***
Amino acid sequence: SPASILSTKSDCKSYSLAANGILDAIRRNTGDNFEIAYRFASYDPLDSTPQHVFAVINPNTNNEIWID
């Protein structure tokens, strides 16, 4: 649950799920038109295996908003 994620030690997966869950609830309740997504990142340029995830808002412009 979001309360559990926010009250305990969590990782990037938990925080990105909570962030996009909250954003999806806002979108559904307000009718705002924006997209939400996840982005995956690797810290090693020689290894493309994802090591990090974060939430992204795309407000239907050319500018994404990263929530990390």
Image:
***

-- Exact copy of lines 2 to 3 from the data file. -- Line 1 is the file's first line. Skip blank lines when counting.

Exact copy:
């Protein structure tokens, strides 16, 4: 649950799920038109295996908003 994620030690997966869950609830309740997504990142340029995830808002412009 979001309360559990926010009250305990969590990782990037938990925080990105909570962030996009909250954003999806806002979108559904307000009718705002924006997209939400996840982005995956690797810290090693020689290894493309994802090591990090974060939430992204795309407000239907050319500018994404990263929530990390």
Image: